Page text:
Competition for Vick, Peter Silliman Throws his Hat into the Ring

Posted: June 27, 2012 in Uncategorized

By now, most people who follow politics in Clark County have heard the yarn about how Brandon Vick came to be unopposed in his race for LD 18 State Representative position 1. There are probably a few versions , but most of them involve Brandon finding out from Paul Harris that Ann Rivers was leaving the race to run for Senate. Brandon then rushes down to the elections office a half-hour before the filing deadline at 5 p.m. on Friday, May 18th in such haste that he forgets to bring the filing fee.  Amazingly, Dale Smith, who had been stumping for months for the other representative seat against Liz Pike, is on hand and agrees to give Brandon his own filing fee. Some versions have them agreeing that whomever can get to the elections office first gets to run, although apparently Brandon would still need Dale to get there eventually, since he had no filing fee himself. Our lucky Mr. Vick is eventually even further blessed when the only other candidate in the race (there is no Democrat running), Battle Ground City Councilman Adrian Cortes, suddenly bows out, citing family concerns, and a lack of desire to run in a primary race against another Republican.

This story is apocryphal on many levels, and smells to most like a backroom deal in which Joe Zarelli gives his Senate seat to Ann Rivers without opportunity for competition from other Republicans, and a few party bosses decide that Brandon can have the Rep seat.  It is very difficult to believe that all of this was decided in the minutes leading up to the deadline. Even if it is true that Zarelli suddenly had an epiphany on deadline day, was able to contact Rivers to replace him, and then she was able to go through the necessary soul-searching, and then hurriedly contact Harris, who then contacted Brandon Vick and Dale Smith, who then did their soul-searching and raced down to the elections office a half-hour before it closed…even if all of this is accurate, it is a pretty underhanded way to choose candidates via insider information. No competitors outside of the little establishment circle were allowed notice, and now a failed party chair is being given the CCRP’s version of a golden parachute.

As an aside, a friend and I were at the elections office on May 18th the last ten minutes before closing. Brandon strolled in at 5 p.m., presumably checking to make sure nobody had filed at the last second and thrown a monkey-wrench into the plan. He even asked us in the hall if we were running for office (we were actually there to turn in a last-second PCO application). No doubt he was relieved to find that we had not filed for the office that had been willed to him.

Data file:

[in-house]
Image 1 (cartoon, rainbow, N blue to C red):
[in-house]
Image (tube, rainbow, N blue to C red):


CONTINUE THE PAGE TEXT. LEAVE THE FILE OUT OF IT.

Since then, Brandon has made a good show of running a campaign, even daring to speak before the local We the People group that was not exactly his base of support. He got an earful from a few people at that meeting regarding his poor oversight of the convention and the chair position in general, but he patiently bore it, knowing that he was going to be a representative, whether the audience liked it or not. Afterwards, someone mentioned that his likelihood of going to Olympia looked pretty high, and he agreed, saying that only the possibility of a write-in campaign a la Linda Smith could derail his chances. He thought that very unlikely and said that he was “pretty much in” with a smile.

Another man in the audience listened to all of this with regret. Pete Silliman, fresh off his election as a state delegate for Ron Paul, had considered running for that seat, but was not confident enough in his resources and name recognition to pull the trigger, deciding instead to prepare more and run in two years. As soon as the news of the establishment dominoes falling came out, Pete instantly regretted allowing the filing deadline to pass, and now he had to listen to Brandon crow about the certainty of assuming that position. Knowing what a fine representative Pete would make, several of us approached him about doing a write-in campaign. Finally, after praying about it for another week, he decided to do it. The thought of Brandon getting promoted to representative with no competition after doing such a terrible job as party chair was too much to bear for anyone with any sense of fair play and a fair choice for the folks in the 18th LD. We are all very glad that Pete has decided to strike a blow for representative government, and we look forward to supporting him however possible in his admittedly uphill battle. Please consider donating to his campaign; it is doubtful that he will have the same party interests behind him that Brandon has. He will need the support of we the people instead.

  1. Mark Engleman says:

    Well done Dan.

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